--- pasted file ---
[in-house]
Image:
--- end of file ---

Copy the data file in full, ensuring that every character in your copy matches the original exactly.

[in-house]
Image: